A common myth we often hear about freelancing is that independent work doesn’t provide meaningful career opportunities. We recently dispelled this misconception using data from the Freelancing in America report: 72 percent of freelancers say they have the amount of work they want or more.
Curious to know what our community of freelancers thought about it, we took to our social channels and posed the question: “How have you grown as a professional while freelancing?”
The answers were clear. Freelancing not only contributes to professional growth, it does so in ways that would never present themselves in a more traditional job.
Freelancing provides a unique way to learn and sharpen skills through multiple projects collaborating with a variety of clients from all over the world—all with unique project needs. With each new client or project comes a new learning experience and growth opportunity that allows a freelancer to build on their current knowledge and add to their expertise.
Additionally, since freelance professionals run their own service businesses, they can also learn and build on the skills necessary to run a business. These include marketing, finance, and communication skills that may not be needed in a typical employment position.
As a result, freelancers repeatedly find that a key benefit for their clients is partnering with someone who not only understands how a business needs to be run but who also shares a passion to succeed with them. Such shared goals can ultimately bring better results.
Here is a sample of what the professionals on Upwork had to say:
“I have learned more in 2 years as a freelancer than I did in decades working full time. As a fashion designer in the corporate world, you tend to get pigeonholed into one specific category. Freelancing allows me to work on a huge range of products. For a really creative person that’s a dream come true.”
— Leila Shams, Fashion Designer
“Freelancing empowered me and gave me the opportunity to put my skills into use—communicating directly with those who needed them—to improve these skills accordingly, and to be trusted with much more important and considerable projects than I ever was as an employee.”
— Alexander Foß, German Translator
“Working for yourself inevitably means handling things that feel out of your comfort zone, as tackling all sides of the business requires activation of different aspects of your personality. Since you are the one in charge, the health of the business invites constant introspection about what aspects of yourself could be getting in your way, as well as which are beneficial. It has spurred personal and professional development as I’ve examined these unique items for me. Becoming a better version of myself has undoubtedly allowed me to offer more to my clients, helping me offer the experience of working with me as opposed to just a service.”
— Julie McAlinden
“Oh wow, I’ve learned a lot being a freelancer on [Upwork]:
- How to be more service-minded.
- How to manage time more efficiently.
- How to be more communicative, flexible, and understanding.
- How to be more patient.
- How to brand myself and stay consistent.
- How to work independently.
When I first started on Upwork, it was transitioning from oDesk and there were a lot of changes and new developments. Coming from being an employee to self-employed was a big adjustment and it showed, as I treated my transactions with clients as if they were my employer. Not a completely bad thing but when it came to client experience and finding my niche, my mentality needed an adjustment. Long story short, I went from being a below 80% rated freelancer to Top Rated. I wear the badge with pride and it carries over in all of my business and personal life experiences.”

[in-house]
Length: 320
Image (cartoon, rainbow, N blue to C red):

— Evelynn Jones, Sales and Marketing Expert
“I have two books in draft thanks to my Upwork experience: ‘A Poorfessor´s Diary’ and ‘How To Be A Writer Without Starvation In The Attempt.’
In both of them, I show my resilient story about how I turned from a 10$/month teacher in Venezuela to a Top Rated Freelance Writer.
[I have] a master’s degree in Educational Counseling and Educational Sciences PhD. [It took] almost 10 years e-studying, but it was on Upwork where I actually began [to be] a successful writer who survived a crisis in Venezuela thanks to the tools I acquired working and learning as a freelancer.
As a freelance writer through Upwork, I learned that the more problems you resolve, the more money you will earn. And it is the most fair and healthy thing I have learned as a freelance writer. There is no college that teaches you that as writer.”
— Luis Ramones, Writer and Professor
If you have the desire to do more with your skills and feel starved for variety at your job, perhaps starting your own professional services business is for you. Beginning with a side project can give you a good indication if freelancing is something you’d enjoy.
Interested in seeing more of the discussion?
Check out the thread on our LinkedIn channel. And don’t forget to follow us while you’re there so you don’t miss out on our weekly discussions about working with freelance talent.
Editor’s note: Responses edited for grammar, spelling, and clarity. The statements above are those of their authors and do not constitute the views or opinions of Upwork.
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